UK ambassador to Iraq targeted with threatening messages after speaking out against militia groups

Britain’s ambassador to Iraq has been targeted by a graphic propaganda campaign featuring an image of his bloodied face after he spoke out against militia groups which are strengthening their grip on the war-torn country.

Stephen Hickey, who has served in the post since last September, was singled out by militiamen after he encouraged Iraq to turn its back on armed groups that operate outside the law.

In response, one militia group with ties to the Iranian regime published a series of posts on the messaging app Telegram which warned the senior diplomat to keep his views to himself.

“Stop lying and mind your own business and represent your old country as a diplomat,” reads one of the messages seen by the Telegraph. It was posted by Harakat Hezbollah al-Nujaba, an Iraqi Shia militia group backed by Iran.

The warning was accompanied by two polaroid-style photographs of Mr Hickey which were edited so that his face and head were smeared with blood.

Founded in 2013, Harakat Hezbollah al-Nujaba reportedly has around 10,000 fighters and is subject to US sanctions.

Another message told the British ambassador to stop playing “malicious games” by addressing the issue of militia groups in Iraq, and a third warned him “not to intervene in issues that are bigger than you.”

It is understood that the hostile messages were responding to a tweet by the ambassador, which warned that “armed groups operating outside state control” were hampering Iraq’s development.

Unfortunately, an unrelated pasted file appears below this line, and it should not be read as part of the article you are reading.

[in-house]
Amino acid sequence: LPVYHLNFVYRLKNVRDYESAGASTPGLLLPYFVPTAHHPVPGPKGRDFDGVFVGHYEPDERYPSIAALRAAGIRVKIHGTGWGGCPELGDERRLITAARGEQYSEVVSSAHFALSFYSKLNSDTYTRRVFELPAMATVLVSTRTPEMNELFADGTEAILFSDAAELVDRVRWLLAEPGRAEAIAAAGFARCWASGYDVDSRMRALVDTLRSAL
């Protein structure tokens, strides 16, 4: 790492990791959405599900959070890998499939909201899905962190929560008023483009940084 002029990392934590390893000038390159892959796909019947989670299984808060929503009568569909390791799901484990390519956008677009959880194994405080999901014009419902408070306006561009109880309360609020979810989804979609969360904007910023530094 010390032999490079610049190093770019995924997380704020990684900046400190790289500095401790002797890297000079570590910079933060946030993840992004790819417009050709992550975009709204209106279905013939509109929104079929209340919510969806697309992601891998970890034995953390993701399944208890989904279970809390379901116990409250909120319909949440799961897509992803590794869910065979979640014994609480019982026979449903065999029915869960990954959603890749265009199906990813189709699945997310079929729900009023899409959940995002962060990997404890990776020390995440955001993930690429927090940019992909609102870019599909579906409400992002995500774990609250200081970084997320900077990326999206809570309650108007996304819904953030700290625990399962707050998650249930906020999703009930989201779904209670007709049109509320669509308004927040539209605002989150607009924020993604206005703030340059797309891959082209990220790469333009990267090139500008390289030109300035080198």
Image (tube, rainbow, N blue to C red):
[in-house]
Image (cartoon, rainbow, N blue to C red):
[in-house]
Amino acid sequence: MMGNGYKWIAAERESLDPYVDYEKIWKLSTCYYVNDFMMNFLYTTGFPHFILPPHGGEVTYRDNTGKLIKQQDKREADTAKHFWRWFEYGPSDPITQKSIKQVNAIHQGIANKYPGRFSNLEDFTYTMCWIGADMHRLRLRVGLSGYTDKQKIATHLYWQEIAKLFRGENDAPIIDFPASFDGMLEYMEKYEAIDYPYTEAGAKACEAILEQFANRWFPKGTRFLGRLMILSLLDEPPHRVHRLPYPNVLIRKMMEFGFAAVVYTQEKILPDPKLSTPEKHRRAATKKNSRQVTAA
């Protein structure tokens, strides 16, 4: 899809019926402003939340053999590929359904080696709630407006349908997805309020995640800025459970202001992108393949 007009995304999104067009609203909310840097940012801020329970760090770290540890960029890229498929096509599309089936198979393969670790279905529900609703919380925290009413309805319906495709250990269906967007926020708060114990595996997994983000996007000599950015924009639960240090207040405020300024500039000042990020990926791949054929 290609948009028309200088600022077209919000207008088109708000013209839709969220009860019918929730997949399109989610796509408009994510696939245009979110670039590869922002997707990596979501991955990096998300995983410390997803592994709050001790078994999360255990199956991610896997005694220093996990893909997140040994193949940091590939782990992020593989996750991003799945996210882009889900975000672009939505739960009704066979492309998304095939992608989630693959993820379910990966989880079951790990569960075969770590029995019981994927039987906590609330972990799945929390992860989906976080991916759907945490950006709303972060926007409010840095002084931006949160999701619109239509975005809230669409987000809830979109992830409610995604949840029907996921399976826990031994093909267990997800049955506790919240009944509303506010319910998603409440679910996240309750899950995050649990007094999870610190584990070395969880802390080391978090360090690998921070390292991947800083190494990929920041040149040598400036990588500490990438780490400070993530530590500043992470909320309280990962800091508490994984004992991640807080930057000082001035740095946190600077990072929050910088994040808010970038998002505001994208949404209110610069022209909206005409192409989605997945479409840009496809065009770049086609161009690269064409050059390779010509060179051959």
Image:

UK government officials said the safety of their staff was of “paramount importance” and that they were working to ensure the stability of Iraq under a sovereign government which has control over armed groups.

Iraq analysts said the messages were part of a broader campaign to intimidate those who speak out against militia groups.

“Despite the recent departure of British troops from Taji Air Base, UK diplomatic staff are still under regular threat from pro-Iranian hardline Shiite factions in Iraq,” said Evan Kohlmann, a senior analyst at the security consultancy Flashpoint.

“Those factions seethe at comments from the outspoken UK ambassador in support of the Iraqi government and its efforts to end continuing rocket attacks on the Green Zone in Baghdad,” he added.

Pro-Iran militia groups wield significant power over the Iraqi parliament, though the country’s newly appointed prime minister, Mustafa Al-Kadhimi, has vowed to crack down on them.

Many of the militia groups are known as Iranian “proxies” which are funded by the regime and used to undermine Western forces and their allies in the region.

Over the past year, the militias have been linked to rocket attacks on US and UK forces in Iraq, the killing of young protesters and a campaign of intimidation against Iraqi MPs.

In May, the Telegraph disclosed that a group named Thar Allah (God’s Revenge) was believed to be responsible for the fatal shooting of a 20-year-old man during protests in Basra in May.

Another major militia group tied to Iran, Kataib Hezbollah, was blamed by the US for a rocket attack in December 2019 on a military base hosting US troops, which killed an American contractor.

Another rocket attack in March on Camp Taji base killed two American soldiers and one British soldier.

Shortly after pledging to stand up to the militias, Mr Kadhimi ordered a raid on Kataib Hizbollah’s offices in June, in what was widely regarded as an attempt to stymie Tehran’s influence in Iraq.

Around a dozen members of the group, which was also involved in the siege of the US Baghdad embassy in January 2020, were arrested.

A UK Foreign Office spokesman said: “The UK has long been clear in its support for Iraqi sovereignty and stability, and its position that all armed groups within Iraq should fall under the control of the Iraqi Government.

The safety of our staff is of paramount importance and we keep our security under constant review.”

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